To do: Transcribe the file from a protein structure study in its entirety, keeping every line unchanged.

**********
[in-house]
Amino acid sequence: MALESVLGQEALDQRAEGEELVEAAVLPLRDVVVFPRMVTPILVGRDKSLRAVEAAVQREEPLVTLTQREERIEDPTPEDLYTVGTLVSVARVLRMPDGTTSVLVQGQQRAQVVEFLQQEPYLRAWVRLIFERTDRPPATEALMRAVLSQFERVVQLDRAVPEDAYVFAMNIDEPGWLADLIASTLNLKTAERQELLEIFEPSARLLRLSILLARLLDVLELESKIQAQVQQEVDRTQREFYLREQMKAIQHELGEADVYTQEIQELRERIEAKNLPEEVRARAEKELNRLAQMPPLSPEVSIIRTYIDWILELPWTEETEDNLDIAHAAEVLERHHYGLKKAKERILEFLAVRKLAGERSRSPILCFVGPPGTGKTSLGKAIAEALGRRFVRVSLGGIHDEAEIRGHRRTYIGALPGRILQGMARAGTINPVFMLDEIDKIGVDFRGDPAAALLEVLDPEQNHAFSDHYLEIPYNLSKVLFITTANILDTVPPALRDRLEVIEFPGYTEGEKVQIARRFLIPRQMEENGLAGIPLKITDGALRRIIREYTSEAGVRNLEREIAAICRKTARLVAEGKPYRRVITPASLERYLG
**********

[in-house]
Amino acid sequence: MALESVLGQEALDQRAEGEELVEAAVLPLRDVVVFPRMVTPILVGRDKSLRAVEAAVQREEPLVTLTQREERIEDPTPEDLYTVGTLVSVARVLRMPDGTTSVLVQGQQRAQVVEFLQQEPYLRAWVRLIFERTDRPPATEALMRAVLSQFERVVQLDRAVPEDAYVFAMNIDEPGWLADLIASTLNLKTAERQELLEIFEPSARLLRLSILLARLLDVLELESKIQAQVQQEVDRTQREFYLREQMKAIQHELGEADVYTQEIQELRERIEAKNLPEEVRARAEKELNRLAQMPPLSPEVSIIRTYIDWILELPWTEETEDNLDIAHAAEVLERHHYGLKKAKERILEFLAVRKLAGERSRSPILCFVGPPGTGKTSLGKAIAEALGRRFVRVSLGGIHDEAEIRGHRRTYIGALPGRILQGMARAGTINPVFMLDEIDKIGVDFRGDPAAALLEVLDPEQNHAFSDHYLEIPYNLSKVLFITTANILDTVPPALRDRLEVIEFPGYTEGEKVQIARRFLIPRQMEENGLAGIPLKITDGALRRIIREYTSEAGVRNLEREIAAICRKTARLVAEGKPYRRVITPASLERYLG